• $\begingroup$ You have said almost exactly what I said in my answer-that energy is a concept which was invented to explain the effects of force exerted through distance. The main difference is that I give an exhaustive and original explanation of why this can be seen to be true by a physics beginner, and you fall back on the claim that it is already the consensus in the field. But if that were true, how could the great Feynman famously state that we have no idea what energy is and then not face a cacophony of challenges? And why do students come here and earnestly ask what the heck energy really is? $\endgroup$ – D. Ennis Aug 28 '18 at 20:56
  • $\begingroup$ The first three physics books I just picked up from my shelf, a high school text by Serway and Faughn, a college text by Serway alone, and a high school text by Zitzewitz, give no definition of energy at all--they hand wave around it. The fourth one, a high school freshman physical science text, does give the definition you cite. I'm not seeing the consensus. $\endgroup$ – D. Ennis Aug 28 '18 at 21:00
  • $\begingroup$ @D.Ennis Well, the consensus is that this definition is good enough to continue working with energy generally. That doesn't mean we understand much of it - but this definition seems good for our purpose. That you haven't found it clearly stated or defined like that in textbooks may not mean much - when they for the first time derive energy formula such as $K=\frac12 mv^2$ and $U=mgh$, they will most likely use this energy-is-the-ability-to-do-work definition as the premise. If they have a different definition, then I would be very interested in hearing so. $\endgroup$ – Steeven Aug 29 '18 at 5:41
  • $\begingroup$ ". . . this definition is good enough to continue working with energy generally. That doesn't mean we understand much of it ..." Right. Hence the need for the answer I posted. But there seems to be something akin to a religious belief in energy that's causing people to reject my answer out of hand without attempting to comprehend it. That's disconcerting, but interesting. $\endgroup$ – D. Ennis Aug 29 '18 at 13:54
  • $\begingroup$ @D.Ennis Your answer says the same thing and explains just as little. You pick a lot of scenarios of force-over-distance and choose to call them all energy. Why do you call them that? Because they show force-over-distance. So it explains nothing - you just use energy as an umbrella term for all such scenarios. I agree with that. Everybody does. That is the consensus. Consensus around that term for the force-over-distance ability. My answer is my own way of explaining that same thing in fewer words. $\endgroup$ – Steeven Aug 29 '18 at 14:29

Yes, energy can be defined and explained in classical terms.   That which we call energy is force exerted through distance, and it has no existence apart from force exerted through distance.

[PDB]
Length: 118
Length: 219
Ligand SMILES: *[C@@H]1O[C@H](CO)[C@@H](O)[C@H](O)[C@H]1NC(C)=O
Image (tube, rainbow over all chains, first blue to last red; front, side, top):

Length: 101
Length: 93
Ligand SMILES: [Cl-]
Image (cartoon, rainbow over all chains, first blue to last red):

Here's an example supporting the first part of the above claim (the second part will be dealt with below). If we compress a spring, that action will be accomplished by exerting force on it through a distance against a restoring force.   If we want to think and visualize more deeply, the restoring force is a sum of repulsive electrostatic forces between the particles of the spring as they resist being pushed closer together.   What we have in existence before us is still nothing more than a material spring and forces--nothing has been added.   Force was exerted through distance to change the configuration of the material spring, and, if we allow it, a restoring force will be exerted through distance as the spring returns to the configuration where its internal forces are in equilibrium.   It is conventional to say that there is energy stored in the compressed spring.   If we choose to say that, fine.   We can quantify the force and distance by taking their product, and call it energy.  There are many benefits to using that model.   However, what we are calling energy is quite clearly force exerted through distance.

In fact, if we examine the details in any reference to energy, including thermal, kinetic, radiant, chemical, wave, and nuclear energies, we will always see that we are referring to effects associated with force exerted through distance.   How do we give an object kinetic energy?   We exert a force on it through a distance.   What does it mean for an object to possess kinetic energy?   It has no meaning whatsoever except that the object can exert a force through a distance.   What is the thermal energy of an object or substance?   It is the kinetic and potential energies of the object's particles-their capacity to exert forces through distances on each other.   How is thermal energy transferred?   By force exerted through distance, which is the one and only way that energy is ever transferred.   How do we get energy into an electromagnetic wave?   By forcing electrons back and forth through a distance.   The evidence is overwhelming.  It constitutes what Galileo and others have called a familiar empirical regularity.   It is inescapable: That which we call energy IS force exerted through distance.